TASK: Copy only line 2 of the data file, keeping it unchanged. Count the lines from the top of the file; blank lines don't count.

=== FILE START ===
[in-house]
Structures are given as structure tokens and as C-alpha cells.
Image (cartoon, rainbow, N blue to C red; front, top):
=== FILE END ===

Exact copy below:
Structures are given as structure tokens and as C-alpha cells.